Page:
Gaining a Supply Chain Edge

The Great Comeback, Part 4: Environmental Assessment: Economy and Business Cycles

In my last post in this Great Comeback series, I explained how companies that want to come back from the recession and increase market share, growth and prosperity need to have a strategy and plan. I outlined a five-part process that business leaders can use to develop this plan and strategy.

In this post, I will explain the first part of this five-part process: The environmental assessment, specifically economic and business cycles. In future posts I will be examining additional aspects of the environmental assessment, such as the role of consumers and investors and also government involvement.

Looking at economic and business cycles to create your environmental assessment means understanding the global and domestic economy. Doing this allows business leaders to find the Great Comeback pattern that may exist for their industry or specific company. Key factors that affect an environmental assessment within economic and business cycles are GDP, employment numbers, imports and investment activity, and consumer confidence.

Gross Domestic Product Projections: Both globally and domestically, the first quarter of 2009 will have an even greater reduction in GDP than the fourth quarter of 2008. The 2009 global and domestic fall in GDP will be about the same as the fall in the recession of 1973-75. The first quarter of 2009 will be the worst quarter for the reduction in GDP, then it will hold steady in the second quarter, then the third will have very little reduction and the fourth will have an increase in GDP. The U.S. percent change in GDP for 2009 will be about minus 4%. The global percent change will be about half of this. China's GDP will be up 6-7%.

Employment Expectations: U.S. job losses will continue throughout 2009, though steadily diminishing over the course of the year. Monthly losses of jobs will be between 400,000 and 600,000 for the first half of the year but will taper to 100,000/month by year's end. The jobless rate will peak at the end of 2009 or in early 2010 at the 10-11% rate.

Imports and Investment: Both U.S. export and import volumes will fall in 2009 by 10-15%. The falling of corporate profits in 2008 and 2009, plus the factory operating rate of less than 70% in 2008 and 2009, will result in limited investment dollars available for capital equipment.

The Consumer is the Key: The Great Comeback from this Great Recession will take place through the actions of the consumer. Consumers will increase spending, which will eventually increase the factory operating rate and thus beget capital spending. U.S. consumer confidence will bottom in early 2009 and will increase spending by mid-year. The U.S. consumer will continue to spend on necessities and will gradually gain confidence as the year progresses to begin spending on discretionary and big-ticket items. The return of the U.S. consumer's confidence will beget an increase in business volume in China, which will beget capital investment in China, which will result in the improvement of the European marketplace.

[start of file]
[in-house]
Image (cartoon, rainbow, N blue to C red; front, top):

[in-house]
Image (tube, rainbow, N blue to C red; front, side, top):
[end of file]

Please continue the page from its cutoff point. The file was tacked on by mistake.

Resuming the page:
Cyclical and Non-Cyclical Industries

Viewing industry data from a rate of change basis is very useful to better understand cyclical activity. Cyclical activity applies to some industry segments, but not to all industry segments. Many industry segments follow a cycle of Accelerating Growth - Decelerating Growth - Accelerating Decline - Decelerating Decline and then back to Accelerating Growth.

The Manufacturing Alliance - MAPI tracks twenty eight industry segments that follow the cycle. Individual segments clearly travel at different rates through the cycle.

Other industry sectors do not follow this cycle and are called non-cyclicals. Non-cyclicals include food, beverage and pharmaceuticals. The non-cyclicals will be the first to experience the Great Comeback.

The automobile industry and the housing starts will continue to suffer throughout 2009. Both markets will stabilize in the second quarter of 2009, but real growth will not occur until 2010. For both automobiles and houses the 2011 volumes will still be below the volumes from 1997-2007.

My view on the rest of the sectors is as follows (retail recovery will be in conjunction with the products sold below, e.g. grocery stores will rebound Q2 '09 - Q3 '09 in conjunction with food and beverage):

Where does your sector fall in the recovery chart? Does this match your expectations?

A reader at IndustryWeek left a comment on one of my articles referring to me as the "Prophet of Boom" versus the prophets of doom we've been used to hearing during this Great Recession. I'll be posting more this week on this environmental assessment aspect of the five-part process you need to move from the Great Recession to the Great Recovery, so that the 'boom' is something you are well prepared for within your specific industry.

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